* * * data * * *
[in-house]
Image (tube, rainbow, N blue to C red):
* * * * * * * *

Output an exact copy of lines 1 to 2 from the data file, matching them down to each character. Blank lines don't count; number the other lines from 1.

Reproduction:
[in-house]
Image (tube, rainbow, N blue to C red):